It is yet another feature of the present invention to provide a system for selectively interrupting the detonation wave between a blasting cap and a detonator cord.
Yet another feature of the present invention is to provide a system capable of repeated arming and disarming of an oil well shaped charge perforating device.
These and other features and advantages of the present invention can be understood from the following description of the techniques of producing the invention described in conjunction with the following drawings.
FIG. 1 is a schematic representation of one section of a jet perforating device employing the present safe/arm system.
FIG. 2 is a more detailed representation of a portion of the safing system of FIG. 1.
FIG. 3 is a detailed representation of the explosive element portion of the safing system.
Referring now to the drawings in more detail, particularly to FIG. 1, there is illustrated one section of a jet perforating gun. It should be recognized that a complete perforating gun is comprised of a number of shaped charge sections as illustrated in FIG. 1. In a typical perforation operation the complete gun assembly will be comprised of from ten to thirty of such sections mechanically coupled together.
As illustrated in FIG. 1, each gun section will include a gun body housing section 10 and a connector sub 12. Connector sub 12 is sized to allow for insertion of a portion thereof into housing 10. Connector sub 12 and housing 10 are fixed together by a suitable manner, such as threaded cap screw 14. O-rings 16 and 18 provide a fluid occlusive seal preventing well bore fluids from entering the gun body 10. Connector sub 12 allows for gun body housing sections to be coupled together to form a complete gun assembly as previously discussed.
Mounted to connector sub 12 is carrier strip 20. The embodiment illustrated is for a perforating gun having 1 11/16 inches outside diameter and having gun sections of 11.6 inches in length. This embodiment uses a carrier strip 20 constructed of 14 gauge steel having a thickness of 0.0747 inches, a width of 1.14 inches, and 9 inches in length. Carrier strip 20 has one end fitted into a transverse slot 22 located on connector sub 12 and can be restrained in place by any suitable manner such as screws or pins. An electrically detonatable blasting cap 24 is mounted to carrier strip 20 by retainer cap 26. In the preferred embodiment blasting cap 24 is a series number E-125 cap, manufactured by DuPont Corporation. The electrical leads from blasting cap 24 attach to electrical conductors traversing longitudinal passage 30 in connector sub 12. These electrical conductors are connected at activator switch 32 and polarity selector 28. Polarity selector 28 can be selected to activate on either of positive or negative voltage signal. By alternating the polarity of polarity selector 28 between gun sections there is provided an ability to fire gun sections sequentially by selection of the polarity of the firing signal.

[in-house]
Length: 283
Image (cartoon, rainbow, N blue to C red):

Proximate the distal end of carrier strip 20 is mounted shaped charge 34. Shaped charge 34 can be of any number of various designs or styles commonly used in the industry. Located at the dorsal portion of shaped charge 34 is detonator cord 36. Detonator cord 36 is preferably, but not limited to, the type known commercially as R.D.X. cored, plastic covered Primacord. End seals 38 and 40 are crimp connected to each end of detonator cord 36 and end seal 40 and one end of detonator cord 36 are mounted to carrier strip 20 by retainer clip 42.
Rotatably attached to carrier strip 20 in a position intermediate blasting cap 24 and end seal 40 is safing assembly 46. Safing assembly 46 is held in position on carrier strip 20 by retainer ring 48 which can be a bowed Truarc ring. Bowed retainer ring 48 provides a frictional lack preventing accidental rotation of the safing assembly 46 due to vibration.
A more detailed view of safing assembly 46 is shown in FIG. 2. Safing assembly 46 is comprised of a body member 47 having a generally circular portion 50 with a transversely oriented bore 52 therethrough. In the preferred embodiment illustrated section 50 of body member 47 is approximately 0.40 inches in height with a diameter of 0.50 inches with transverse bore 52 having a diameter of 0.257 inches. Slot 54 is oriented transversely across body member 48 in parallel with bore 52. Explosive element 56 is installed within bore 52.
Referring now to FIG. 3, there is illustrated explosive element 56 in greater detail. Explosive element 56 includes approximately 0.4 grams of explosive material 58, preferably such H.N.S., as having a density of approximately 1.62 gm/cc. Explosive material 58 is enclosed within housing 60 which is an aluminum can having an outside diameter of 0.250 inches with a 0.010 inch wall thickness and between 0.430 and 0.450 inches in overall height. Aluminum disc 62, which is approximately 0.21 inches in diameter and 0.010 inches in thickness, is held in place over one end of explosive material 58 by a 360' roll crimp of the open end portion of housing 60.